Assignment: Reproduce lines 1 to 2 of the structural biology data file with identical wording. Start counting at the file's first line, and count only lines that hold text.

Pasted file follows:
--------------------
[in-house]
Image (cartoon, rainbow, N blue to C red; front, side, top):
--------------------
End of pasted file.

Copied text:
[in-house]
Image (cartoon, rainbow, N blue to C red; front, side, top):